Tuesday 24 September 2019

Bankruptcy cases hit record levels after 760pc surge

A record number of people were adjudicated bankrupt last year. Stock picture
A record number of people were adjudicated bankrupt last year. Stock picture

Shane Phelan and Tim Healy

A record number of people were adjudicated bankrupt last year, new figures reveal.

Some 499 people were declared bankrupt in 2015 - a 760pc rise on just two years previously.

The figures were contained in the Insolvency Service of Ireland (ISI) annual report, which was laid before the Oireachtas yesterday.

The Irish Mortgage Holders Organisation said it believed at least 80pc of the bankruptcy cases would have involved people with mortgage debt.

The ISI said the increase was likely due to record numbers of people in financial difficulty as a result of the recession reaching the point where they needed to come to a long-term solution.

Debtors petitioning for their own bankruptcy, rather than being forced into it by a financial institution, accounted for 93pc of total bankruptcies last year.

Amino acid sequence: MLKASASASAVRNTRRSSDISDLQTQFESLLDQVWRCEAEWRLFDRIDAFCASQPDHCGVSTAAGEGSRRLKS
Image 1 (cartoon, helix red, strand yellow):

"The amended bankruptcy regime reduced the automatic discharge period from 12 years to three years and then to one year, subject to certain conditions. It has made bankruptcy a more viable option for people," an ISI spokesman told the Irish Independent. But he said debtors must first explore the other solutions prescribed in the Personal Insolvency Act before pursuing bankruptcy.

Solutions

The report said the ISI had helped 2,000 debtors to secure permanent debt solutions that returned them to solvency, up 70pc on 2014. Some 1,371 protective certificate were also issued last year, giving debtors protection against legal proceedings from creditors for 70 days while they seek to enter a personal insolvency or debt settlement arrangement.

The report said the cost of applying for a bankruptcy had been reduced to €270.

"Bankruptcy is a great relief for some people," said Irish Mortgage Holders Organisation director David Hall. However, he said the process could be made a lot easier for people who wished to avail of it. "It is an administrative process that is too prescriptive, too bureaucratic and too expensive," he added.

Meanwhile, a leading court official has queried whether Allied Irish Banks' largest shareholder, the Minister for Finance, is aware of the extent of its litigation in repossession and debt cases.

Master of the High Court Edmund Honohan, who deals with a range of administrative matters relating to cases on their way to trial, noted about half of the 98 cases before him on Tuesday were taken by AIB and asked whether the bank's "largest shareholder" was aware of this.

Most of the bank's cases related to substantial debts exceeding €75,000, while 11 concerned possession proceedings.

The same list included four debt collection cases brought by Bank of Ireland and two by Ulster Bank.

Irish Independent

Also in Business